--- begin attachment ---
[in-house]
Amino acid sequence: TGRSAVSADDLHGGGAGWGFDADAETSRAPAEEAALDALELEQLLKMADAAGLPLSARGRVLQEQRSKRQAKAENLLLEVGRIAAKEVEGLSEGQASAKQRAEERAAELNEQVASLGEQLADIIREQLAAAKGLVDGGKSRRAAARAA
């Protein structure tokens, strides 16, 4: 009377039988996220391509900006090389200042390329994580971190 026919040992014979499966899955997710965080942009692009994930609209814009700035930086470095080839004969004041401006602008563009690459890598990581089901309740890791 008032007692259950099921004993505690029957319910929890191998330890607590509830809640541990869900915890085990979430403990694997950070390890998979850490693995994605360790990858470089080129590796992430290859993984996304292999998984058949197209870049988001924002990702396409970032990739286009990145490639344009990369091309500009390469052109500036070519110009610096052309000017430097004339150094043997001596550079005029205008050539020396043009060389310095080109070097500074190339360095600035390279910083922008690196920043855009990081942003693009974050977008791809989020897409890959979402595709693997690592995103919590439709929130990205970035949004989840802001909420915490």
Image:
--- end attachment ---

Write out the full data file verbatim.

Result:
[in-house]
Amino acid sequence: TGRSAVSADDLHGGGAGWGFDADAETSRAPAEEAALDALELEQLLKMADAAGLPLSARGRVLQEQRSKRQAKAENLLLEVGRIAAKEVEGLSEGQASAKQRAEERAAELNEQVASLGEQLADIIREQLAAAKGLVDGGKSRRAAARAA
């Protein structure tokens, strides 16, 4: 009377039988996220391509900006090389200042390329994580971190 026919040992014979499966899955997710965080942009692009994930609209814009700035930086470095080839004969004041401006602008563009690459890598990581089901309740890791 008032007692259950099921004993505690029957319910929890191998330890607590509830809640541990869900915890085990979430403990694997950070390890998979850490693995994605360790990858470089080129590796992430290859993984996304292999998984058949197209870049988001924002990702396409970032990739286009990145490639344009990369091309500009390469052109500036070519110009610096052309000017430097004339150094043997001596550079005029205008050539020396043009060389310095080109070097500074190339360095600035390279910083922008690196920043855009990081942003693009974050977008791809989020897409890959979402595709693997690592995103919590439709929130990205970035949004989840802001909420915490």
Image: